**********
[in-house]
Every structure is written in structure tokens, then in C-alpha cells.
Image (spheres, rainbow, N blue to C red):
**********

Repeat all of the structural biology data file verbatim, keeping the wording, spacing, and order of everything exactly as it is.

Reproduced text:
[in-house]
Every structure is written in structure tokens, then in C-alpha cells.
Image (spheres, rainbow, N blue to C red):